Thank you, Jim. Good afternoon everyone. I will begin by reviewing our fourth quarter and full-year results and then provide you with our outlook for fiscal 2017. In my discussion, I will be commenting on both actual and adjusted results, excluding any one-time costs to facilitate comparability. Please reference today's Press Release for all definitions and for a reconciliation of GAAP numbers to these non-GAAP adjusted numbers.

In the fourth quarter, net sales increased 45% to $149.5 million. As Jim mentioned, this was driven by the sales contributions from Sheplers and the 22 new Boot Barn stores opened in fiscal 2016, partially offset by a 1.2% decline in consolidated same-store sales. The payback of our new stores opened during the past two years is slightly above our target of our three-year payback. We continue to expect for the first 12-months of operations of the 22 stores opened in fiscal year 2016 to average approximately $1.7 million, which is in-line with our sales target in these stores.

Adjusted gross profit increased 29.2% to $43.9 million compared to gross profit of $34 million in the fourth quarter of fiscal year 2015. At our core Boot Barn business, our pricing strategy was fairly consistent with the prior year period with no meaningful increase in promotions. Consolidated merchandize margin rate declined 320 basis points.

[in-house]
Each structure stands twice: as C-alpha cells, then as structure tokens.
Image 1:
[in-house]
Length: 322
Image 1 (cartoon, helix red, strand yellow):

This decline is primarily the result of a historic merchandize margin rate at Sheplers that is growing in the merchandize margin rate at the core Boot Barn. The composition of the businesses this year with Sheplers as compared to last year when the Company did not own Sheplers drove declined in the consolidated merchandize margin.

In the fourth quarter, we completed our annual fiscal inventory while our shrink rate is low by retail industry standard of approximately 1% of sales. During the quarter, we recorded a $900,000 charge above our provision, which negatively impacted gross profit by 20 basis points for the fiscal year of 2016.

We attribute the increased shrink disruption in the Sheplers business as a result of the expensive store remodeling efforts and the relocation of inventory from their Irvine warehouses to our Fontana distribution center. There was a slight decline in merchandize margin at the core Boot Barn business comprised of higher freight costs, higher shrink and some seasonal clearance partially offset by the better mark up associated with the increased private brand penetration.